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Woman Plants Seeds To Fight Food Injustice With Julia’s Farm STL

Julia Thompson is as pleasant and easygoing a conversationalist as one can find. She has a kind and thoughtful demeanor alongside a deep sincerity that immediately makes whomever she happens to be chatting with lean in and listen closely.

While she is respectful and polite to a fault, her laidback style belies a grave seriousness when she turns to her greatest passion and the reason behind her local St. Louis, MO, business, Julia’s Farm STL: food justice. The self-described “girly-girl” shared her journey to that passion with Garden & Health and the genesis of her interest in growing her food.

“My journey with food justice, I want to say, started in 2019,” Thompson began, “But my love for just knowing where my vegetables came from started in 2018.”

“I had a neighbor who was growing. [She was] a very mature lady. … She yelled over to my little fence one day and like, ‘I have 14 tomato plants!’” she continued, cracking up a bit. “And she’s like, ‘You’re not using your backyard. And I need to plant the tomato there!’”

Photo Courtesy Julia’s Farm STL

With a simple directive from a determined neighbor, Thompson dove right in.

“I was like, ‘You know, how about this? Give me this tomato plant. Tell me what I need. And I’ll start it, I’ll do it,’” Thompson said. “So, she told me what I needed. And it just took off from there. And it was one of the best experiences of my life.”

From there, Thompson’s natural curiosity took over, and she enrolled in a small farm school to learn more about where her vegetables and meat came from. She makes sure to point out that she is also interested in animal husbandry.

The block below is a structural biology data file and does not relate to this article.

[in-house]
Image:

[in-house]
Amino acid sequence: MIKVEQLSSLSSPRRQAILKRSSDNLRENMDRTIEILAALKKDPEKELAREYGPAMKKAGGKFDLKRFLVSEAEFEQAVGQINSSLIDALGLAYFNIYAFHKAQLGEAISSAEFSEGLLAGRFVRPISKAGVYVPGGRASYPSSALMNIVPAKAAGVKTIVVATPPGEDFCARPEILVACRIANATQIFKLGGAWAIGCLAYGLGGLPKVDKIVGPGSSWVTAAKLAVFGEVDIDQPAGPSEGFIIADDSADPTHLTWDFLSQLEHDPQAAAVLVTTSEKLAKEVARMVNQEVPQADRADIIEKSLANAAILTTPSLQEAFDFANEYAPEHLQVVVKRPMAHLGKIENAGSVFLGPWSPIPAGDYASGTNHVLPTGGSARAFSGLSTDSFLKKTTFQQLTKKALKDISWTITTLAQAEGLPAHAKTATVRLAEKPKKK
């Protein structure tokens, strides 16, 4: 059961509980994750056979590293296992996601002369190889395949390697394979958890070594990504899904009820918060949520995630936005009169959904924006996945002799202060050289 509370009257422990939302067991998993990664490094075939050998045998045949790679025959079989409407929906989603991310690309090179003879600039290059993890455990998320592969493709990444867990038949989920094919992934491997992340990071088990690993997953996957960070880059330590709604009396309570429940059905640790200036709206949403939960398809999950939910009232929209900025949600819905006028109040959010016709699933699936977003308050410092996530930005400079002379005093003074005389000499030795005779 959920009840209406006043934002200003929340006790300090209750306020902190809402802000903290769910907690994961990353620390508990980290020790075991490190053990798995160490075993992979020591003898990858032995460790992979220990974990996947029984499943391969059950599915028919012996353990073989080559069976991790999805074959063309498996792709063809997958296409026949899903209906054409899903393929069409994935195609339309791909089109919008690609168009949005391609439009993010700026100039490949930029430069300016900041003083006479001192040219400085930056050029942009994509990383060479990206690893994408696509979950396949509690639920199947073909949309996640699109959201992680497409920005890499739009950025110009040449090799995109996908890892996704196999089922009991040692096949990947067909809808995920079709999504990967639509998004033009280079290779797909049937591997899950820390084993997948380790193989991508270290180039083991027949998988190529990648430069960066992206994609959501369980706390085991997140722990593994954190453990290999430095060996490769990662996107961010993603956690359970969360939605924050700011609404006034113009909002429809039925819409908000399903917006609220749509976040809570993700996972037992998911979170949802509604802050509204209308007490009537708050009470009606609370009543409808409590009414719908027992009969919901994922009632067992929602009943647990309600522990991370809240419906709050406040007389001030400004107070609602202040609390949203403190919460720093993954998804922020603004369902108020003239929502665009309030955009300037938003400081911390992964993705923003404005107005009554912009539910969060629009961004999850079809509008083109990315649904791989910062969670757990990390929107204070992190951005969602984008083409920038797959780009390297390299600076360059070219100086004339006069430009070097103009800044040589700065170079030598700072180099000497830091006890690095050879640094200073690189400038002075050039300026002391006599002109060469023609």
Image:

During the early days of the COVID-19 pandemic, Thompson’s passion for learning more and doing more really began to intensify, partly because of a growing lack of access in her community to necessities that were common before the onset of the coronavirus.

Photo Courtesy Julia’s Farm STL

“Oh my goodness! [COVID] really intensified my need to really grow and engage in my community,” Thompson said. “There were stores that limited how many bags of beans you could buy, the meat you could buy. Like, it was a shortage, and it was actually very scary.” 

“Not only was the [bath] tissue and, you know, those types of things not accessible, but our food,” she continued. “So, that was really, really a pivot in the food justice piece of it for me.”

After studying more about the history and impact of food injustice in communities like hers, Thompson knew she had to do more. “It just really intensified my need to really engage the community and really grow and share my knowledge of just growing [was because of] my community,” she said.

After starting her urban growing operation, Julia’s Farm STL, with the help of a few friends and mentors, Thompson’s dreams began to manifest and expand in her mind. She started holding events in her community, including free veggie giveaways. When asked what the long-term future she sees for her business and her community, she laughs.

Photo Courtesy Julia’s Farm STL

“My goal is to have at least every other block in my community with a chicken coop in the back!” Thompson said immediately. “I want every other house to have something growing in their backyard.” 

“I want to educate the children, the teens, because those are the ones that will encourage their parents to want to do better or even know that there’s better out there,” she continued. “So, my goal is just education and just really teaching, getting into schools, changing our food systems, and how our kids are fed. So yeah, that’s the goal.”

Photo Courtesy Julia’s Farm STL

There is little doubt to anyone who has ever heard Thompson speak about her passion that her goal will surely be met — and soon. 

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